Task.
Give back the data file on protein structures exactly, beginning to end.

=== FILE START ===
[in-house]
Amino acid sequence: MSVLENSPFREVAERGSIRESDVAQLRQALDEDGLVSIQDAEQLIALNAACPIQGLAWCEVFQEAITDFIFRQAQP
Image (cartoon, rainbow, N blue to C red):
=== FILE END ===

[in-house]
Amino acid sequence: MSVLENSPFREVAERGSIRESDVAQLRQALDEDGLVSIQDAEQLIALNAACPIQGLAWCEVFQEAITDFIFRQAQP
Image (cartoon, rainbow, N blue to C red):